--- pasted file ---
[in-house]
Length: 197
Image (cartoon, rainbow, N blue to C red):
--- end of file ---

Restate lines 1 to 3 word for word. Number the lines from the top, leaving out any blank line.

[in-house]
Length: 197
Image (cartoon, rainbow, N blue to C red):